Those blips don't come out of nowhere you know. A rebranding is the last thing our money needs right now.


Nancy Pelosi Doesn't Want Anymore Magic Jack Threats So She's Not Ruling Out Tax Break Extensions

Nancy Pelosi probably doesn't want you burning her shit down, sending her offensive tweets and/or listening to Glenn Beck backwards telling you to quit your job and spend all day faxing her office with offensive copies of your ass so she's not going to say, specifically, that taxes might suck for middle-income Americans. I believe it is implied but she's going to try her best to make you think otherwise for as long as she can.


A day after divided Senate Democrats had to delay a pre-election vote on renewing tax cuts due to expire at the end of the year, House Speaker Nancy Pelosi Friday still didn't rule out a House vote on extending tax breaks for middle-income Americans before voters go to the polls.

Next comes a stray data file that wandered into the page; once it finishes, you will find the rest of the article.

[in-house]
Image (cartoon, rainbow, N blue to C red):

"We will retain the right to proceed as we choose. We take it one day at a time," Pelosi said Friday at her weekly press conference.

Although Pelosi is still holding out the option of a vote, several senior House Democratic aides say that it's unlikely the House will take up the matter before the midterms.

Yeah right, so why is she threatening to shut down the entire government if they don't get free money for programs that are unessential to the day-to-day operation of the U.S. government like USPS pension programs and state-provided child care?

Liar liar botox on fire.

(h/t Going Concern)


The More I Learn IFRS the More Afraid I Become Of Its Implementation in the U.S.

I'm not going to claim to be an expert on IASs (or even FASs for that matter) but I've had the fortune of diving into IFRS material lately in preparation for international accounting and auditing standards hitting the CPA exam in 2011 and I have to say: I am fucking afraid.